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Thursday, February 18, 1999 Published at 18:29 GMT


Nigeria tastes freedom

"Night and day" - Gen Abacha (left) and Gen Abubakar (right)

In the months after Sani Abacha's death, West Africa Correspondent Mark Doyle witnessed a new mood of optimism take hold in Nigeria. This was his report:

This story is unusual. It's good news from Africa. That's worth saying again: This is good news from Africa. What's taken place in Nigeria since the death of Sani Abacha is potentially one of the most encouraging developments on the continent since the release from jail of Nelson Mandela.


Mark Doyle reports on the new feelings of freedom
I say "potentially" because almost anything can happen in this huge unwieldy country. But there'll be plenty of time to chronicle the difficulties, if and when they emerge. Now there's something positive happening.

Nigeria elections
I've spent most of the last year covering wars. War in Sierra Leone, war in Guinea Bissau and, most recently, the huge and highly complex war in Congo. At last, there's something good to report, and so very different from my last trip to Nigeria when Abacha was still alive and Nigerians, who are naturally exuberant, were almost cowed into submission by fear of their own government.

Politics for the people

The extent of the change under General Abubakar really hit me at the old parade ground in Nigeria's gleaming new capital, Abuja, which is sited in the symbolic geographic heart of the country. A political party was being launched at the parade ground.


[ image: Nigerians gear up for elections]
Nigerians gear up for elections
In a cacophony of noise and colour, drummers and trumpeters were competing with politicians on the stump. As soon as any of the politicians saw my microphone they sent for me and assailed me with their extravagant political promises. "We will alleviate the suffering of the teeming masses," they shouted. "We will eliminate poverty forever." "We have supporters everywhere," they claimed. "Nigeria will rise up again, corruption will be eliminated. Nigeria, the greatest black nation will lead Africa to the promised land."

Of course no Nigerian believes much of this stuff. They're not naive. Tribalism and corruption are deeply entrenched here. But almost everyone I met was thoroughly enjoying the political process.

They smiled as they watched their politicians dressed in fabulous robes to impress voters with their wealth, or simple smocks, to impress voters with their piety. They consumed acres of news print, which plotted the political alliances being formed and reformed, and they thoroughly approved when General Abdulsalam Abubakar released political prisoners and promised that the army would go back to the barracks.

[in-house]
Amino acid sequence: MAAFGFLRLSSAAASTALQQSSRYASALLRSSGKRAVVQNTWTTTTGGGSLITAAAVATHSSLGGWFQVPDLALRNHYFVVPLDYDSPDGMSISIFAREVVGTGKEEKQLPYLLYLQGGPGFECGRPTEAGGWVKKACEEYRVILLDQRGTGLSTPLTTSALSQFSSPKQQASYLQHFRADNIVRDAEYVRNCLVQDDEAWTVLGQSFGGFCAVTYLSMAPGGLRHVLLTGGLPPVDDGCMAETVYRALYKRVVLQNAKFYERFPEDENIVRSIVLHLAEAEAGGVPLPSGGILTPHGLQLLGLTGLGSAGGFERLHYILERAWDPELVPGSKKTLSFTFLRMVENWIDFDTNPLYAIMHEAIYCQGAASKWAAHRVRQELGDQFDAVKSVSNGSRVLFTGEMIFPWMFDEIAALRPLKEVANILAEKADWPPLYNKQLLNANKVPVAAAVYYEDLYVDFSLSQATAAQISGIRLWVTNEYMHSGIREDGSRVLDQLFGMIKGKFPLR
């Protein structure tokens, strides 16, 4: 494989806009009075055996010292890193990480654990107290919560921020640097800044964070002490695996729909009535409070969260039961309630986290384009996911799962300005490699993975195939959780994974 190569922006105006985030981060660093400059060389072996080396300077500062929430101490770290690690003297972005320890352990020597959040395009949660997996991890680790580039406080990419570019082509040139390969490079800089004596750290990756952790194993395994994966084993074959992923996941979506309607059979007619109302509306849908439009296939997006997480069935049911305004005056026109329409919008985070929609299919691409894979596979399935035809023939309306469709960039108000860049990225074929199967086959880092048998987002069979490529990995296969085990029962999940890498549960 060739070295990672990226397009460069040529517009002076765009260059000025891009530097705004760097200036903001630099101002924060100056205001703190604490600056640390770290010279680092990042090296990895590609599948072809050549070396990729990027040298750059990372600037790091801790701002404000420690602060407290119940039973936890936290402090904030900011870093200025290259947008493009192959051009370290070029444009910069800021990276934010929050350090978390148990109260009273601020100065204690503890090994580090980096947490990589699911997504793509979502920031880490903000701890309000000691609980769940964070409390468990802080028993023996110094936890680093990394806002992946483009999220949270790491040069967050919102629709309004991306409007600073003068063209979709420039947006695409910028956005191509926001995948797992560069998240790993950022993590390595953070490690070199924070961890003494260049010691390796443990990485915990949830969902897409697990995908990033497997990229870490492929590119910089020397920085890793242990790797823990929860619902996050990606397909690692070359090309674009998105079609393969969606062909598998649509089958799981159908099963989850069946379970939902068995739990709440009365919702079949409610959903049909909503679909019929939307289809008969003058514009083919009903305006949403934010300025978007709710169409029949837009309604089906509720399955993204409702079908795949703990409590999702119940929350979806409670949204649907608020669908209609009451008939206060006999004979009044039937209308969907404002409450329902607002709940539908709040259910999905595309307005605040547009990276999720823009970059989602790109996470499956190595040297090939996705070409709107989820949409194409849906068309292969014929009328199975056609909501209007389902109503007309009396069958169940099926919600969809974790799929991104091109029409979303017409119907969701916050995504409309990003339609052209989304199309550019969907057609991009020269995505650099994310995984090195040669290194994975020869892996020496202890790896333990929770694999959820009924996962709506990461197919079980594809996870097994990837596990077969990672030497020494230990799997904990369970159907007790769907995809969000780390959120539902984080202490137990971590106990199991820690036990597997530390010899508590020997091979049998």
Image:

New mood

It doesn't really matter which political party was being launched at the parade ground that day. It was a freely-formed bone fide civilian political party, which - if all goes according to plan - will contest democratic presidential elections next February. They could be the first truly free elections in Nigeria in almost twenty years.

I was in Abuja partly to attend a press conference given by General Abubakar.

The atmosphere there, compared with the atmosphere generated by the late General Abacha, was like comparing night with day. Instead of a grim looking sick Abacha, complete with forbidding sunglasses, there was a smiling, joking Abubakar who had done his public relations homework and knew the first names of many of the Nigerian journalists present. At the end of the press conference, Abubakar shook hands with every single one of us in turn.

I tried a flyer and asked him if I could do a TV interview with him later this year. "Of course," he smiled, "just see my officials to arrange it." Such informality would have been quite unthinkable under the dour and frankly quite frightening Abacha.

The cost of power

But, and it's a big but, it has to be said that handing over to civilians will not in itself solve Nigeria's fundamental problems. It's always dangerous to simplify, but one of the problems goes something like this.

Nigeria has great mineral wealth, producing about the same amount of oil as Kuwait. This means central government is very rich, even if the vast majority of the people are very poor. In a country where corruption is entrenched, political power means access to oil money.

There are some honest politicians in Nigeria, but any Nigerian will tell you there aren't very many. The honest ones, coming typically from human rights groups or other parts of civil society, don't tend to get involved in politics at the national level. It's simply too expensive to mount a winning national campaign for anyone but the old guard corrupt politicians.

Now, added to this money dilemma, is the tribal dilemma. Because of an accident of colonialism, three major ethnic groups have been grafted together to form Nigeria. If local, tribally based politics were allowed, tribal tensions would almost certainly rise and a highly dangerous situation could develop.

Because of this danger, successive administrations have insisted that all political parties must have a national spread and must never campaign on tribal or religious grounds. On the face of it, this is very sensible. But it also means that small-scale community politics, potentially the most honest kind, is virtually excluded from the national equation.

But only the intellectuals, the Nigerian chattering classes, bother much with dilemmas like these. Ordinary people are mostly celebrating now because the soldiers are leaving power. Prisoners are being released.

The political bandwagon is rolling. And, after a long period of repression, Nigerians can breath again.





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